What is Yoga?
What is Yoga?
Yoga’s literal meaning is “to yoke” or “Union” and refers in the context of philosophy or theology as a practice or method used, as a way of realization, linking our physical mind and body to the spiritual. It has its origins in the East, specifically Hinduism from India but also can be seen in Buddhism & Jainism. There are many variations of the yoga practice. Some of the first, described in the ancient spiritual text the Bhagavad Gita, include Jnana Yoga (the yoga of knowledge), Bhakti Yoga (the yoga of love & devotion), & Karma Yoga (the yoga of action). Over time the concepts of Tantra yoga, Raja/Kundalini Yoga (the yoga of awareness), & Ashtanga Yoga, the 8 limbs or areas that explain metaphysics, ethics, and techniques for the mind body and spirit. Of this derived Hatha yoga, which focuses on the 3rd of the 8 limbs of Ashtanga yoga, poses, for which are designed to prepare the body for meditation and for which more modern practices, such as Bikram & Vinyasa which we are more familiar to in the West, derive from. The 4th limb of Ashtannga yoga is Pranayama which are techniques dealing with the breath and are also incorporated into the more modern physical practices, such as the Vinyasa, that we practice in our studio.
We could talk/write for hours about this subject but if you’re interested here are some links to YouTube videos with explanations form the philosopher Alan Watts which we find to be a great explanation:
No particular yoga is better than another, and if the physical side of it is all one wants to explore that’s totally fine. They are quite good for you. Whatever type of yoga you works for you and how ever it may serve you is totally fine, as long as it does serve you.
What is Vinyasa Yoga?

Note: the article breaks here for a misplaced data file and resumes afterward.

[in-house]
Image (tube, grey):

Vinyasa yoga is a more modern evolution of the physical techniques of Hatha yoga. It is also referred to or similar to “Ashtanga Vinyasa”, “Power Yoga”, & even “Flow Yoga”. It involves sequences of poses which link together in harmony with one’s breath in a sort of dance like movement. Each side of each sequence typically gets linked together with a “Vinyasa flow” which incorporates certain transitions learned in the Sun Salutations. A typical Vinyasa flow session can be in a hot or non hot setting and touches seated poses, standing poses, balancing poses, inversions, back bends, supine movements, core movements, and of course Savasana (the corpse pose), often said to be the most important part of the practice where after the physical work out one can take the time to quiet the mind.
Benefits of Yoga
Some of the said benefits of Yoga & Hot Yoga consist of:
Hot yoga burns, on average, 500 calories per 75 minute class.
Sweating detoxifies body.
Heat allows the body to be loser quicker so to help us take poses further than normal & avoid injury
Yoga in general can improve focus and awareness as well as improve strength, flexibility, balance, cell function, endurance, cardiovascular function, breathing, and can relax both mind and body at the same time.
The original “Hatha Yoga’ was developed first to prepare our bodies to be comfortable in positions ideal for meditation. It also relates to the concept of “purity”, and in the case of the physical body, how that can have a transnational relationship to our own mind as well as our external actions or “karma”.